Only at this small diameter is it possible to use the bend sensor in flexible endoscopes, for example, where only little space is available in the shaft because of the many other components already present such as glass fibers or working channels. In medical technology in particular, the instruments may be inserted through narrow body openings, so that only a few square millimeters are available in the shaft cross-section.

According to another preferred embodiment, electrical lines contact the fibers in the area of the fiber ends. Said lines produce an electrical connection of the fibers among themselves and with the measuring unit in order to record the resistance change in the fibers as a measure of the deflection.

Here, in each case two of the fibers and the electric lines together with the measuring unit preferably form an electric switch, which is designated as a Wheatstone bridge and is known to the specialist. The variable electrical resistances here are formed by the fibers. The necessary reference resistances are, for example, housed in the measuring unit. Thus it is possible to detect a deflection of the bend sensor from its longitudinal axis. For the desired recording of deflections along the X- and Y-axes perpendicular to the longitudinal axis of the sensor, three switches of this kind are combined and the fibers are correspondingly electrically contacted. By offloading the reference resistances into a measuring unit, space can be saved in the sensor and in the apparatus in which the sensor is used.

In an additional advantageous embodiment of the bend sensor, the fibers are situated at least partly on the surface of the body. In this arrangement it is especially easy to contact the fibers electrically because they are not completely electrically insulated from outside by the polymer body.

According to another advantageous embodiment, the electric lines are at least partly embedded in the electrically insulating polymer material of the body. This now has the advantage that the lines are fed within the body and thus do not enlarge the diameter of the sensor. An especially compact structure thereby becomes possible.

The electric lines can be, for instance, wires that are conducted through the body and are each preferably connected at the fiber ends corresponding with the fibers.

Still more advantageously, the electric lines can include additional fibers embedded in the body and made of the conductive polymer material. These are electrically insulated for the most part by the body from the fibers used to record the deflection, and are electrically switched with them only at the fiber ends. According to the invention, such a sensor body with all necessary polymer fibers can be co-extruded in one piece and thus produced especially simply.

The electric connection at the fiber ends can advantageously be produced by wires or micro-nails, which are inserted into the fibers and, corresponding to the switch, connect the various fibers with one another. Various other types of contacting are also possible. If the fibers are situated partly on the surface of the body, the contacting can occur by way of the outside of the sensor.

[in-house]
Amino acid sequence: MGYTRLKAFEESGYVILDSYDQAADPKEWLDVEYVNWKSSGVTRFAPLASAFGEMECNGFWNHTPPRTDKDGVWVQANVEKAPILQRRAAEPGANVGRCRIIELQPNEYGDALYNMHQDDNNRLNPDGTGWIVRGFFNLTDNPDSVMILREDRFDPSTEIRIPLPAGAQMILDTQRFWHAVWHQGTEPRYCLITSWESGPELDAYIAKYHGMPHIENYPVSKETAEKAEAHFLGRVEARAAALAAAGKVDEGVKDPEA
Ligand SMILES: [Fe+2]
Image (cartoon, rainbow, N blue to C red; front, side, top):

In another especially suitable embodiment, the body is provided along its longitudinal axis with a channel, which can run centered through the body for example, such that the electric lines at least partly are conducted through the channel. In this manner, also after production of the sensor body, the lines can still be newly laid simply and compactly.

An especially simple contacting, also adapted to the inventive small diameter of the bend sensor, occurs according to an additional configuration by flex prints. The term “flex print” designates flexible circuit boards with printed conductor paths. These circuit boards are made, for example, of a synthetic material and are easily shapable in order to completely or partly enclose the bend sensor at the fiber ends. Contacts provided on the flex prints, corresponding to the switching, are directly connected with such fibers, which are situated partly on the surface of the body, but otherwise are embedded in the sensor body. Parts of the flex prints can also be guided through the canal to the proximal end of the sensor, where they are connected to the measuring unit with corresponding feeder lines.

In an inventive refinement of the bend sensor, the fibers and/or the flex prints are provided with indentations, into which protrusions of the respective other components, flex print or fiber, engage in order to ensure a secure contacting and to avoid slippage, and in addition in order to allow the flex prints to be as closely contiguous on the bend sensor as possible.

In another advantageous configuration, on the outside of the sensor a shrink hose surrounds the bend sensor over its entire length or in part in order to hold all components of the bend sensor such as sensor body, braided hose and electrical lines in the correct position and to avoid any slippage even during a deflection of the bend sensor. There can also be two or more shrink hose parts, which in particular are each mounted on the ends of the sensor. This constitutes a space-saving method for holding the components securely together. In order to be able to verify the correct contacting in simple manner during manufacture, the shrink hose is preferably of transparent construction.